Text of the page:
removing strange characters from a zsh prompt

I installed zsh 5.3 and am using it.

Now in .zshrc I have done the following –

autoload -Uz compinit promptinit
compinit
promptinit
# End of lines added by compinstall

Now I cycled through some of the prompts and liked one big_fade

The big_fade looks like this –

۲��[email protected]���۲�� Mon Dec 26 02:24:01am
/usr/share/zsh/functions/Prompts>

The builtin code of the prompt is at /usr/share/zsh/functions/Prompts/prompt_bigfade_setup

/usr/share/zsh/functions/Prompts> cat prompt_bigfade_setup
# Generic large colour fade-bar prompt theme from bashprompt
# Created by James Manning <[email protected]>
# Changed by Spidey 08/06
# Converted to zsh prompt theme by <[email protected]>

prompt_bigfade_help () {
  cat <<EOH
This prompt is color-scheme-able.  You can invoke it thus:

  prompt bigfade [<fade-bar> [<userhost> [<date> [<cwd>]]]]

where the parameters are the colors for the fade-bar, [email protected] text,
date text, and current working directory respectively.  The default
colors are blue, white, white, and yellow.  This theme works best with
a dark background.


Recommended fonts for this theme: either UTF-8, or nexus or vga or similar.
If you don't have any of these, the 8-bit characters will probably look
stupid.
EOH
}

prompt_bigfade_setup () {
  local fadebar=${1:-'blue'}
  local userhost=${2:-'white'}
  local date=${3:-'white'}
  local cwd=${4:-'yellow'}

  local -A schars
  autoload -Uz prompt_special_chars
  prompt_special_chars

  PS1="%B%F{$fadebar}$schars[333]$schars[262]$schars[261]$schars[260]%B%F{$userhost}%K{$fadebar}%[email protected]%m%b%k%f%F{$fadebar}%K{black}$schars[260]$schars[261]$schars[262]$schars[333]%b%f%k%F{$fadebar}%K{black}$schars[333]$schars[262]$schars[261]$schars[260]%B%F{$date}%K{black} %D{%a %b %d} %D{%I:%M:%S%P}$prompt_newline%B%F{$cwd}%K{black}%d>%b%f%k "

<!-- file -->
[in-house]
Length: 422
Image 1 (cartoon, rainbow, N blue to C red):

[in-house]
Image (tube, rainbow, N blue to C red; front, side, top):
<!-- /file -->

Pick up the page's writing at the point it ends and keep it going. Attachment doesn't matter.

PS2="%B%F{$fadebar}$schars[333]$schars[262]$schars[261]$schars[260]%b%F{$fadebar}%K{black}$schars[260]$schars[261]$schars[262]$schars[333]%F{$fadebar}%K{black}$schars[333]$schars[262]$schars[261]$schars[260]%B%F{$fadebar}>%b%f%k "

  prompt_opts=(cr subst percent)
}

prompt_bigfade_preview () {
  if (( ! $#* )); then
    prompt_preview_theme bigfade
    print
    prompt_preview_theme bigfade red white grey white
  else
    prompt_preview_theme bigfade "[email protected]"
  fi
}

prompt_bigfade_setup "[email protected]"

Now while all this is good, I want to do some changes to the prompt. For instance I don’t want the special symbols ‘۲��’ .

Also, at the very end the prompt ends with > . I want to end it as $ (similar to bash) . Can somebody help?

Here is Solutions:

We have many solutions to this problem, But we recommend you to use the first solution because it is tested & true solution that will 100% work for you.

Solution 1

Recommended fonts for this theme: either UTF-8, or nexus or vga or similar.
If you don't have any of these, the 8-bit characters will probably look stupid.

You read this comment in the script, did you not? ☺

The prompt_special_chars module is setting up an array variable named schars that contains the output sequences for various characters that then get used in your prompt as you can see. They are line drawing and block characters, mainly. The prompt_special_chars module is right there next to the one that you are already looking at.